Parkinson's disease is usually slowly progressive over time (years). The advancement is assessed by the symptom severity (Hoehn and Yahr Scale) and other measures such as mental function, behavior, mood, motor functions, and the ability to complete daily activities (self-maintenance, independence) as measured by the Unified Parkinson's Disease Rating Scale. These evaluations give physicians clues as how to best manage and treat the individual.

Parkinson's Disease Causes?

Cells in the substantia nigra, a part of the brainstem that controls movement, slow down and then stop producing dopamine as the cells die. Dopamine helps nerve cells communicate about movement; without the dopamine, body commands about normal movement are disrupted resulting in Parkinson's disease because the brain does not receive the necessary messages about how and when to move. Unfortunately, the ultimate cause of Parkinson's disease, the reason that the cells in the brainstem become altered and die, is not known but researchers suggest that a combination of both genetic and environmental factors cause about 90% of all Parkinson's disease.

Who Gets Parkinson's Disease?

As stated previously, men are about 1.5 times more likely to develop Parkinson's disease than women; however, although the majority of all patients that get the disease are over 60, the total chance of getting the disease is about 2% to 4% in this age group. Consequently, the disease is not rare but the chances of someone age 60 or over developing the disease is not high.

Parkinson's or Benign Essential Tremor?

Essential tremors may be confused with the tremors in Parkinson's disease. However, essential tremors usually affect both extremities (hands) equally and get worse when the hands are used, in contrast to Parkinson's tremors. Also, Parkinson's tremors are reduced or temporally stopped with carbidopa-levodopa medication while essential tremors respond to other medications. Parkinson's disease does not usually occur in multiple family members but essential tremors do and are more common than Parkinson's tremors.

Parkinson's Diagnosis

Diagnosis of Parkinson's disease is best accomplished by a specialist such as a neurologist. Most diagnoses are made presumptively by doctors by confirming most of the early symptoms listed above and by ruling out other conditions that may produce similar symptoms such as a tumor or stroke. The main things the doctor will look for are a tremor at rest and rigidity (involuntary) when the doctor moves the extremities. The doctor will often check your response to an unanticipated pull from behind. The doctor will tell you what will happen and protect you from a fall as he checks your ability to recover your balance. There is no definitive test for the disease except for a biopsy of specific brain tissue that is only usually done at autopsy. Other tests (CT scan, MRI) may be used to help physicians distinguish between Parkinson's disease and other medical problems (for example, stroke, brain tumors).

Symptoms Beyond Movement

The following are symptoms that some patient’s with Parkinson’s disease may develop especially as the disease progresses; not every patient will have some or all of these symptoms: Bilateral tremors Difficulty sleeping and fatigue Oily skin and dandruff Speech changes (soft voice, word slurring) Constipation, Swallowing problems Mental changes (memory loss, easily confused, dementia)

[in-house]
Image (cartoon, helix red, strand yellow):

Parkinson’s Symptom: Rigidity

Again, since rigidity is a common symptom, muscle groups in affected extremities don't relax so crampy pain may occur. One sign of Parkinson's disease is that one arm may not swing back and forth normally when the person walks.

Parkinson's Symptom: Impaired Balance

As Parkinson's disease progresses, other symptoms related to muscles and movement may develop. Patients may develop a poor posture (stooped posture) with drooping shoulders, feet shuffling, and the head extended or jutting forward. This often leads to balance problems and falls.

Parkinson's Symptom: Bradykinesia

As stated above, bradykinesia can be an early symptom of Parkinson's disease. It is exemplified by slow initial movements, difficulty getting up from a sitting position, involuntarily slowing or stopping while walking, and little or no change in facial expressions that may seem inappropriate to people who do not know that the person has Parkinson's disease.

Parkinson's Symptom: Tremor

The tremors of Parkinson's disease usually occur first in a single extremity body part (finger, hand, foot) that is at rest in about 70% of patients; the tremor usually stops when the body part is in use by the person. The tremor is fast (4 to 6 cycles per second that shakes rhythmically). Some people will exhibit a fast "pill rolling" action that is a tremor between the thumb and index finger.

Early Signs of Parkinson's Disease

Three key symptoms that develop early in Parkinson's disease are a tremor, usually on one side of the body (hand, foot, arm, or other body part) when the person is at rest. The second symptom is rigidity, or resistance to movement when someone tries to move the person's joint or when the person has difficulty going from a sitting to a standing position. The third symptom is termed bradykinesia, or slowness, and small movements. Bradykinesia is seen in people that have small handwriting (micrographia) and decreased facial expression (the person often only has a somber or serious expression under most circumstances). This condition is termed a "masked face."

How Does Parkinson's Progress?

The majority of people develop Parkinson's disease after age 60 (although a few patients like Michael J. Fox develop it at an early age of about 30 and boxer Muhammad Ali at age 42). Men are about 1.5 times more likely to develop it than women. In general, the disease slowly progresses with more pronounced symptoms developing over many years. Although a few patients, especially those who develop it in their younger years may have more rapid symptom development, symptoms slowly increase over many years. Treatments may reduce symptoms in many patients.

What Is Parkinson's Disease?

Parkinson's disease is a fairly common age-related and progressive disease of brain cells (brain disorder) that affect movement, loss of muscle control, and balance. Usually, the first symptoms include a tremor (hand, foot, or leg), also termed a "shaking palsy."